In the spirit of Yefei Lu’s book, I actually went back and performed a cursory financial analysis of AAPL in 2016 — the way Buffett might have saw it. As a reminder, AAPL’s iPhone business at the time was perceived as being at the tail-end of their growth “supercycle”; and their iPhone business in China was also seen as hitting a glass ceiling of growth, with no immediate replacement market. This perhaps explains why AAPL was only sporting a Market Cap of $600B and an Enterprise Value of $460B by end-2015 — despite posting an FY15 Net Income of $53B. (ex-cash PE ratio of 8.8x)
Now let’s take a look at AAPL’s FY10-16 balance sheet in the chart above, i.e. what Buffett might have seen at the time. As we can see, their historical Net Cash balance had regularly exceeded their Total Equity since 2012 — implying that the company’s solvency was never in question. Furthermore, they were spending significant amounts annually on Repurchase of Common Stock relative to their equity base — which made sense when you consider that the earnings yield obtained on those share buybacks was simply the inverse of their PE ratio of between 10x - 12x (i.e. 8% - 10% earnings yield) when Buffett initiated his AAPL stake:
In my previous P/B ratio article, we saw how the P/B ratio had a direct relationship with ROE — i.e. Earnings Yield x P/B = ROE. Given that AAPL was regularly sporting 30% - 40% ROE at the time, even their P/B ratio of 4-5x at the time could still result in a shareholder’s Earnings Yield of 8% - 10%. Imagine if you were Buffett — wouldn’t that be enough?
Bottomless Resemblances with KO
So the question remains… what did Buffett See in AAPL in 2016? The unexpected answer: COCA-COLA!
AAPL had by then become a one-product moat business with an identically outsized ROIC as Coca-Cola;
AAPL’s Net Cash position was higher than its Total Equity by FY15 — which meant that it could theoretically recreate KO’s negative Total Equity balance via share buybacks overnight. (Figure 1 below)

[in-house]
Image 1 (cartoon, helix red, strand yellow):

Its iPhone business was sporting a very similarly lucrative ROE/ROIC profile as Coca-Cola; and so were its margins. (Figure 2 below) For context, most retail businesses tend to sport Net Margins of 10% or below.
By 2016, AAPL was already showing signs of prioritizing shareholder returns, via taking on debt and channeling its practically unlimited FCF towards dividends & share buybacks (of its undervalued stock) — alá The Outsider CEOs:
Long-time value investors will understand why Buffett prioritizes this quality so much in his investments.
This enormously simplified AAPL’s cash flow model, dramatically improving future earnings visibility and reducing uncertainty (and therefore risk). Coincidentally, this is also exactly how I described Buffett’s current investment in OXY! (link below)
AAPL occupied an entrenched position in the highly moaty Branded Retail sector:
This gave AAPL pricing power, Buffett’s favorite business characteristic.
Its iPhone business also adequately fulfilled Buffett’s quote below:
Hence, going back to the Todd Combs’ quote above, how did AAPL fare in 2016 based on Todd’s investment requirements above?
How many names in the S&P are going to be 15x earnings in the next 12 months?
Answer: AAPL was already trading at below 15x earnings in 1Q16, and even consensus at the time agreed that its earnings would still post positive growth going forward (albeit slightly muted). It was highly likely then that AAPL would remain at >15x earnings within the next 12 months (i.e. 1Q17).
How many are going to earn more in five years (using a 90% confidence interval)?
Answer: Even without any incremental TAM growth from China going forward, it would be highly unlikely that an investor in 2016 would have imagined AAPL posting negative cumulative earnings growth over the next 5 years.
How many will compound at 7% (using a 50% confidence interval)?
Answer: The valuation exercise above has adequately demonstrated how an investor in AAPL in 2016 could have estimated a LT total shareholder return of 10% quite conservatively.
Todd goes on to say that, “In this exercise, you are solving for cyclicality, compounding, and initial price.” Maybe Berkshire was special since it had the privilege of entertaining LT yields of 10% while still considering it satisfactory — nonetheless, we can see how AAPL in 2016 could quite easily cleared all of Buffett’s hurdles, and therefore justify its top dog status in Berkshire’s already legendary stock portfolio.
But wait, there’s more! There’s a notable elephant in the room here — none of the investment requirements above imply that Buffett had bought AAPL 0.00%↑ knowing in advance that it could clear +30% CAGR over the next 7 years! In contrast to the popular narrative, it seems far more likely that he had made his investment decision into AAPL thinking that there was simply no way he could possibly lose money on it — and he was perfectly fine with the 10% yield or whatever that he could get out of it. If true, this would align magnificently with Ben Graham’s following quote:
Now do you believe that I have value investing blood flowing in my veins? 😉